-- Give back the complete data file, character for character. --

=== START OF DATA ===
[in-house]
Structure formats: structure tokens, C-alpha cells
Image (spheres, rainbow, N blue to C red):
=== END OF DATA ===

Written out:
[in-house]
Structure formats: structure tokens, C-alpha cells
Image (spheres, rainbow, N blue to C red):